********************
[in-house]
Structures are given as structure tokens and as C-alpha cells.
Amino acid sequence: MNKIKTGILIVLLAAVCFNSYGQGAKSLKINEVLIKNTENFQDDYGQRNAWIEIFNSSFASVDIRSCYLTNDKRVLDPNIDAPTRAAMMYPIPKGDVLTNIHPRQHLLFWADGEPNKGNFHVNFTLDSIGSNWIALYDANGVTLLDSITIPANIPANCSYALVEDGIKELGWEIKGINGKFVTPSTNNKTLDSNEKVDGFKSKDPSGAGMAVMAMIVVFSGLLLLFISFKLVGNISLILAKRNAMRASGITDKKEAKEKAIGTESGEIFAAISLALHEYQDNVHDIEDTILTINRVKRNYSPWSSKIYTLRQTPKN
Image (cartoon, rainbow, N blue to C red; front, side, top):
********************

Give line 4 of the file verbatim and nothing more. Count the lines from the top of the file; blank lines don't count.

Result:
Image (cartoon, rainbow, N blue to C red; front, side, top):